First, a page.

My symptoms are as follows: one day I'll be up doing things non-stop. One day in particular, I took all of the extenion/power/cable cords laying around the house, I wrapped each one separately, and placed each in its own ziplock bag. I'll work non-stop around the house until it is meticulously clean, I'll sweep, mop, dust 3 or 4 times in one day, iron clothes that are already pressed, wash clothes, because I have to do something. On some days, I just don't have the energy to get out of bed. I'll lay there all day under the covers. I was at a point in September, where I was sleeping under the kitchen table in order to feel safe. This is when I first saw a psychiatrist for my situation. I was having a bad weekend, just wasn't feeling like myself. I work up this morning, swept, mopped the floor, went pick up a few groceries, and when I went bring a friend something at work, on the middle of the interstate, I just busted out crying for no reason. Since I was feeling like this all weeked, I called my psychiatrist to get an appointment today, but he told me that until my carbamazepime and lithium levels come back from the lab, he really doesn't want to touch that medicine, so he added Zyprexa. My main point is that in A & P 2, we are studying the endocrine system. I can read the chapter 3, 4 even 5 times, and nothing comprehends. I have NO short term memory and cannot make cohesive sentenances. I was diagnosed as being rapid-cycling manic-depressive in September, but none of my memory problems started until the lithium was added.

    Thanks for all the wonderful feedback so far.
  10. by   hypnotic_nurse
    Most of the psychiatrists I've worked with start out with one main med (and maybe prns for anxiety and sleep). When they see how well that's going to work, if the symptoms are still there, they'll add another or change it.

    I agree that a second opinion is probably a good idea.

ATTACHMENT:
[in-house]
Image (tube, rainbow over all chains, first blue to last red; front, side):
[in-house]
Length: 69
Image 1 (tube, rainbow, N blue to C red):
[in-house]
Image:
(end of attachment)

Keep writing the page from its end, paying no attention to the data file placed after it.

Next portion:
When a doc gives you that many meds at once, s/he can't tell which one is working or which one is producing side effects.

    While your side effects may go away in time, they may not.
  11. by   Tweety
    Obviously, you're aware you need to be able to think clearly and write concise thoughts to become a nurse. Those skills are crtical for the safety of the patients. The most important thing is that you get well. I don't think a bipolar disorder is a contraindication to being a nursing student. I agree, it's not really the school's business.

    Continue to talk to your MDs and perhaps you'll need a little time to level out first before persuing nursing. My spouse is a group therapist for nurses and has several functioning bipolar nurses in his group.

    Hang in there and good luck.
  12. by   renerian
    I agree with hypnotic. To early to add so many meds. See someone else.

    renerian
  13. by   SusanJean
    Having worked in the mental health field, and having a couple of family members w/ bipolar disorder...

    I agree w/ the previous posters. Also, allow time for your meds to get adjusted, become stable in your mood before attempting to add stress into your life (school, new job, etc.) Have your family/friends become educated about your disorder so you have the support when you start to show signs of needed meds adjusted - those w/ bipolar disorders often lack the judgement to do their own assessment, esp if feeling the hypomanic phase.

    All my sibs w/ bipolar have made it through college, some have their masters degrees and all have done well professionally.
    Most employers are not sympathetic to MH disorders. You are not obligated to share this info w/ them. I do have one sibling that had a "break" after several years of exceptional work performance w/ an employer and in spite of their verbal assurance of support, they have been manipulating to get him to leave ever since. Granted, he did some crazy things while manic, but once stable he explained to his customers, they understood and stood by him; didn't lose one! (I think it is the ins. premium issue.)

    So, good luck, hang in there and continue to build a good support system.
    SJ
  14. by   bcjams
    I just looked at the Texas RN application because I remembered it asking about MH disorders and sure enough Bipolar is listed. I hate to say it but before you spend the time and effort to graduate from a nursing program you need to contact your state board and see what they say. We have a Declaratory Orders process that takes 3 months to 1 year to decide if any past issues in your life will effect their decision to give your license. I would hate to see you overcome your obstacles and then find the gates closed to you. It sucks but I had to tell the you the truth the way it is here in Texas.